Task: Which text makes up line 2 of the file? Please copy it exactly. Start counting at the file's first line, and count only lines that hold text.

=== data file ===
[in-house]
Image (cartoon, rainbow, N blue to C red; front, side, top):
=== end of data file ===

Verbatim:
Image (cartoon, rainbow, N blue to C red; front, side, top):